Gender discrimination in hiring persists in China, says rights group


Although Chinese law prohibits gender discrimination in hiring, job discrimination remains a widespread problem in the country, an international rights group said on Wednesday.

Human Rights Watch said the Chinese government should instead mark International Worker’s Day, May 01, by ending gender discrimination in its civil service recruitment.

“The Chinese government claims it’s committed to gender equality in employment, but even its own hiring practices are still deeply discriminatory,” said Yaqiu Wang, China researcher at Human Rights Watch. “The Chinese authorities need to stop publishing job ads that blatantly discriminate against women.”

Human Rights Watch found that in the Chinese government’s 2020 national civil service job list, 11 percent of the postings specify a preference or requirement for men. In both the 2018 and 2019 job lists, 19 percent of the postings specified a preference or requirement for men. In 2017, the rate was 13 percent.

But the decrease in the overall percentage of discriminatory postings in 2020 is partly a function of the decrease in the percentage of postings by ministries that have had a concentration of discriminatory postings. That is, the most discriminatory ministries are simply not hiring as many people as in the previous year, not that they are publishing a lower percentage of discriminatory ads.

The Chinese government released the 2020 National Civil Service Positions List in October 2019. The list contains positions in the government, the Chinese Communist Party, and other government-controlled political parties that will become available across the country over the coming year.

Among the nearly 14,000 job postings – some of which were for multiple vacancies – in the 2020 list, Human Rights Watch found that 6 percent specify a preference for male applicants and 5 percent specify a requirement for male applicants.

The discriminatory job postings often state “frequent overtime work,” “heavy workload,” and “frequent travel” as reasons for excluding women.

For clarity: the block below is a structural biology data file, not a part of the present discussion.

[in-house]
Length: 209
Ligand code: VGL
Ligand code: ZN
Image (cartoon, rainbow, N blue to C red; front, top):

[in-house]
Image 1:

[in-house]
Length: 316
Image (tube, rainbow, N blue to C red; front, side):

After China ended the One-Child Policy and began to allow couples to have two children in late 2015, working women in China have increasingly faced pregnancy-related discrimination. Some women have filed lawsuits or pursued arbitration against employers who dismissed or demoted them or cut their pay after they become pregnant.

However, anti-gender discrimination laws and regulations in China provide few specific enforcement mechanisms and are not effectively enforced. Since 2013, several women have brought successful court challenges over gender discrimination in job ads, but the compensation imposed on violators, in the low hundreds of United States dollars, was so inconsequential that it was not an effective deterrent.

To address that, in February 2019, nine Chinese central government agencies, including the Ministry of Human Resources and Social Security and the All-China Women’s Federation, jointly issued notice outlining specific measures for implementing existing laws that prohibit gender discrimination in employment.

One of the measures is banning job advertisements that specify a requirement or preference for a gender. Employers and recruiters who publish discriminatory job ads can face fines of up to 50,000 yuan (US$7,100).

According to the World Economic Forum, China’s gender parity ranking in 2019 fell for the 11th consecutive year, leaving China in 106th place out of the 153 countries surveyed (in 2008, China had ranked 57th).

“As unemployment has soared as a result of the global Covid-19 crisis, Chinese government agencies more than ever need to enforce anti-gender discrimination laws,” Wang said. “Gender equality should be at the heart of China’s economic reboot.” (Source: HRW)